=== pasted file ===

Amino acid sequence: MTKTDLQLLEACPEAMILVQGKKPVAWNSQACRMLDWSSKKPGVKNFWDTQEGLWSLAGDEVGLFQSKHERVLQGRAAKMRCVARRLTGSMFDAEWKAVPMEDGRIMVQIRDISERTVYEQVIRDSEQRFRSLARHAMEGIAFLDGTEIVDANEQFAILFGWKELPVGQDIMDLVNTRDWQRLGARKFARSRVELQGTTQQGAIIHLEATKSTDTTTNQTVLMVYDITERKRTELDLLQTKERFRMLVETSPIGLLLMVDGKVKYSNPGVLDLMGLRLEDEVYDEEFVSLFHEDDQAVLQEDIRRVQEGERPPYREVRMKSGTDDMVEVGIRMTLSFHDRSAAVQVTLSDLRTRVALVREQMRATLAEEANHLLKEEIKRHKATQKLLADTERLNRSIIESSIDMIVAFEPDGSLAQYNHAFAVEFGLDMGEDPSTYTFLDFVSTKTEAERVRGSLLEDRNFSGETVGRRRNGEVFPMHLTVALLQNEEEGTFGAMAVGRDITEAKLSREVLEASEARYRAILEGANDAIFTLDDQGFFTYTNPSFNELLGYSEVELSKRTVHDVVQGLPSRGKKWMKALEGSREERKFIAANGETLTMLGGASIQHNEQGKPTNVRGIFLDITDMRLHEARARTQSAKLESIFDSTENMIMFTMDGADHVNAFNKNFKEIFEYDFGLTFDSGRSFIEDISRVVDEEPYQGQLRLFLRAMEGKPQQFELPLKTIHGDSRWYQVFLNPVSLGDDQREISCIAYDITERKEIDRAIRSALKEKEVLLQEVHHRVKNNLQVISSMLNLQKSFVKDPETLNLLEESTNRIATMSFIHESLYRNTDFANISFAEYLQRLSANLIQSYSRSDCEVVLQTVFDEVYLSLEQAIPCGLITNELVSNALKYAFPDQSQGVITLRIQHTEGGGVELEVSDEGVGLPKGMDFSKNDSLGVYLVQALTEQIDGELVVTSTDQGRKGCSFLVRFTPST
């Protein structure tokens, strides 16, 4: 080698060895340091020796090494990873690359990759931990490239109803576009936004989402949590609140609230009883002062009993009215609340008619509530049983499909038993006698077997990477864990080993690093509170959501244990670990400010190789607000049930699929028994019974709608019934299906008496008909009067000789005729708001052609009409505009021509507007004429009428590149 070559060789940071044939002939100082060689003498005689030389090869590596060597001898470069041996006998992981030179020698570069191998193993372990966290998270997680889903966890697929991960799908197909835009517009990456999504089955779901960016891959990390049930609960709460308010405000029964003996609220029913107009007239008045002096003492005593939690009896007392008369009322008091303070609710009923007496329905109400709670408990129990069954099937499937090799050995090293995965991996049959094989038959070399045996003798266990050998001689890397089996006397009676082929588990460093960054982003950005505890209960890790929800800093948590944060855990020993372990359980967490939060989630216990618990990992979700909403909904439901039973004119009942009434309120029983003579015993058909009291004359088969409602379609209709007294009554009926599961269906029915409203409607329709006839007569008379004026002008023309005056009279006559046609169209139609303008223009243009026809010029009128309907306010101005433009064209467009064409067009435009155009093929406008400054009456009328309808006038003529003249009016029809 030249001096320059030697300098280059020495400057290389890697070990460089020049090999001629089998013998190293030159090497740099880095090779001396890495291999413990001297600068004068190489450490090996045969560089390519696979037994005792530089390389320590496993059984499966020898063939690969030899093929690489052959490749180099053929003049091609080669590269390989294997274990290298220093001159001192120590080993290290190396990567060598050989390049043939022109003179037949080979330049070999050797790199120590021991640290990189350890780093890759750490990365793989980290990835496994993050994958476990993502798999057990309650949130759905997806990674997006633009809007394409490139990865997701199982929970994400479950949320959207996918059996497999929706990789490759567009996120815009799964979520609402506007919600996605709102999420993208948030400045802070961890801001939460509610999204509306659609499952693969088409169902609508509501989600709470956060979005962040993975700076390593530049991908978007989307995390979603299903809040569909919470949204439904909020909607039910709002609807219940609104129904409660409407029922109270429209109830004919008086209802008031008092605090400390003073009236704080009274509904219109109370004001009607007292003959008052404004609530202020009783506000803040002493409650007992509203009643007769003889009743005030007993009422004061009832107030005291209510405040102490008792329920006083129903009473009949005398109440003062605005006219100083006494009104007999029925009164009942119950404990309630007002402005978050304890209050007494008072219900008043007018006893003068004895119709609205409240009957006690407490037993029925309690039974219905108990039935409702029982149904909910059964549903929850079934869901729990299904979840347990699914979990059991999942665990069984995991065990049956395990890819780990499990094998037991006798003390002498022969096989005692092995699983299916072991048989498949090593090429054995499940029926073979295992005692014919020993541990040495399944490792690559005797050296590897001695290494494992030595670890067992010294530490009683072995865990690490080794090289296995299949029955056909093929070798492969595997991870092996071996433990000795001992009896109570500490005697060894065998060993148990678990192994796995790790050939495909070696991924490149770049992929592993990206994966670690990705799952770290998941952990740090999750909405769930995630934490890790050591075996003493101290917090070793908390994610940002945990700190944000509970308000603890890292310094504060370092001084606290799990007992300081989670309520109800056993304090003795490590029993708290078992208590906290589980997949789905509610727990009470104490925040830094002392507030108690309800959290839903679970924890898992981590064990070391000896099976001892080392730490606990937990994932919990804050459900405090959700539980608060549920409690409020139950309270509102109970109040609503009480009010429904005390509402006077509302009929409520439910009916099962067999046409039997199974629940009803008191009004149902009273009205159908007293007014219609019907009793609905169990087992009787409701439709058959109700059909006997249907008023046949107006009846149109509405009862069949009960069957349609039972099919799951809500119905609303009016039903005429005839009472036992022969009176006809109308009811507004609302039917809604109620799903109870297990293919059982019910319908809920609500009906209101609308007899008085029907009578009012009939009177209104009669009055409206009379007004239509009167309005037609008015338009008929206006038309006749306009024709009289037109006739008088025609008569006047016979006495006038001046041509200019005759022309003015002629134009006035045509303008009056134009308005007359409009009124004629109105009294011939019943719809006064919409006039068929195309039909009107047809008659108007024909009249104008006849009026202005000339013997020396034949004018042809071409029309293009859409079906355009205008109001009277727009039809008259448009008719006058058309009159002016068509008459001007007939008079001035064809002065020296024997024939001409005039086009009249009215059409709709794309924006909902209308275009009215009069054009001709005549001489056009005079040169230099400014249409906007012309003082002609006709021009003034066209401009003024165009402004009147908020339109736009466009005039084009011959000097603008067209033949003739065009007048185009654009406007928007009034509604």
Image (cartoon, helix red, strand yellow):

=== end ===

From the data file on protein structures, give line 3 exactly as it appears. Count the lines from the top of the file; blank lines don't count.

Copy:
Image (cartoon, helix red, strand yellow):